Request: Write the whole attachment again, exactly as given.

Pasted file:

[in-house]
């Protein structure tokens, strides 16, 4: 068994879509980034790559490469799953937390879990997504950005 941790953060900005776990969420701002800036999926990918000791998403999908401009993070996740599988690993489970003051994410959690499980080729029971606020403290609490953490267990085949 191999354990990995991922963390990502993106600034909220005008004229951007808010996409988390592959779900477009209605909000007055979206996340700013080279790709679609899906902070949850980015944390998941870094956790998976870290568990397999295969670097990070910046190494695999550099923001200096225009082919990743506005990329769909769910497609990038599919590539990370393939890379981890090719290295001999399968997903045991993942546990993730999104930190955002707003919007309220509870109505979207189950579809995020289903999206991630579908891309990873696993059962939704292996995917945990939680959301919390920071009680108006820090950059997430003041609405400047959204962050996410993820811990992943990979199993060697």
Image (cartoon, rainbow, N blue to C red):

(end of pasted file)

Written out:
[in-house]
């Protein structure tokens, strides 16, 4: 068994879509980034790559490469799953937390879990997504950005 941790953060900005776990969420701002800036999926990918000791998403999908401009993070996740599988690993489970003051994410959690499980080729029971606020403290609490953490267990085949 191999354990990995991922963390990502993106600034909220005008004229951007808010996409988390592959779900477009209605909000007055979206996340700013080279790709679609899906902070949850980015944390998941870094956790998976870290568990397999295969670097990070910046190494695999550099923001200096225009082919990743506005990329769909769910497609990038599919590539990370393939890379981890090719290295001999399968997903045991993942546990993730999104930190955002707003919007309220509870109505979207189950579809995020289903999206991630579908891309990873696993059962939704292996995917945990939680959301919390920071009680108006820090950059997430003041609405400047959204962050996410993820811990992943990979199993060697």
Image (cartoon, rainbow, N blue to C red):